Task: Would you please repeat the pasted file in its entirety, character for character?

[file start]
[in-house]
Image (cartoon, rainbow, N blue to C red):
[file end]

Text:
[in-house]
Image (cartoon, rainbow, N blue to C red):